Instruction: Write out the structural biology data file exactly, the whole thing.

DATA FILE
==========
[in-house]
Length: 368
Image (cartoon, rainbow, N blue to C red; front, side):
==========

[in-house]
Length: 368
Image (cartoon, rainbow, N blue to C red; front, side):